Tips for Tantalizing Food Photos
One of the advantages of having an award-winning photographer on staff at S&A Cherokee is that we and our clients have access to his skills and expertise.
Chief Photographer Jonathan Fredin is often complimented on his fabulous food shots in Cary Magazine and other publications. In fact, some advertisers have been so taken with the photos that they’ve incorporated them into their print ads.
Below, Jonathan offers some basic tips on how to make tasty-looking food photos that appeal to the senses rather than looking, well, unappetizing.
- Never light food from the front. Frontal lighting makes food look flat. Arrange the dish so that its light source – i.e., window light or flash – is behind or to the side. This will create dimension, shape and texture, making the food appear more appealing.
- Uses reflectors as a fill light to lighten shadows. By placing a piece of white foam core, a sheet of white paper, or even a small mirror opposite the main light source, you can brighten undesirable dark shadows on the food. Don’t overdo this. Less is more when trying to create texture and drama.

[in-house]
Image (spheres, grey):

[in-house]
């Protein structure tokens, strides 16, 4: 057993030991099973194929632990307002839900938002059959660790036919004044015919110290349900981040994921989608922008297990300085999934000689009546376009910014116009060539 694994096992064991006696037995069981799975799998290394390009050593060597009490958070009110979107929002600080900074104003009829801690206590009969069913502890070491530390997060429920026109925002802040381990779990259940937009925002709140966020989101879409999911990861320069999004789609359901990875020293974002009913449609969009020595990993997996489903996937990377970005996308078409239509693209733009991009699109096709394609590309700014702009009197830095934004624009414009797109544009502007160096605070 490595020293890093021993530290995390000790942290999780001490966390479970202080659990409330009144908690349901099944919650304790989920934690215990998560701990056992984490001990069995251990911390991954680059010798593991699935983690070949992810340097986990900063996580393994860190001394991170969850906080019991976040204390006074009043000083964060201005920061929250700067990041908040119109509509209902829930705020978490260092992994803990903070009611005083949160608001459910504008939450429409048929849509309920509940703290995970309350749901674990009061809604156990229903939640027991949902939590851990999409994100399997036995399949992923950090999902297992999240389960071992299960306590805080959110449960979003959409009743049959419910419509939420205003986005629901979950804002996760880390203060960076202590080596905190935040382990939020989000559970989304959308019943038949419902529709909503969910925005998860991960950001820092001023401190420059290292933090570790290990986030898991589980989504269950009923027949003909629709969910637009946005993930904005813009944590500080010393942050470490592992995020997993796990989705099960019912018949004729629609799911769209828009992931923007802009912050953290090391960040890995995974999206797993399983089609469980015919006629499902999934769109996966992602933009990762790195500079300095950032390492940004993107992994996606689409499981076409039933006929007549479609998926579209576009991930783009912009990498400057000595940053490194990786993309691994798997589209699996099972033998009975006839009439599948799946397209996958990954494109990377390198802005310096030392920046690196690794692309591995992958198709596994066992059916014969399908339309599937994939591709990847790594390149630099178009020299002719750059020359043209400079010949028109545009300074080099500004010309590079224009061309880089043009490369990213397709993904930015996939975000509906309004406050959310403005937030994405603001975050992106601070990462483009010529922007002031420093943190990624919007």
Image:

- Consider the camera angle. We don’t always view food from directly above. The lower the angle you shoot from, the greater dimension and height the food will appear to have.
- Consider your background. The background to any photograph is just as important as the subject itself. Does the background add to the impact of the food photograph or does it distract? One way to draw more attention to the food is by using a macro lens with shallow depth of focus, thereby blurring out distracting background details.
- Set your white balance. An incorrect white balance can make food appear bland. Most digital cameras today provide white balance presets that will give food photographs a warmer appeal.
To discover how S&A Cherokee can help with your photography or communications needs, contact us for a free consultation at (919) 674-6020.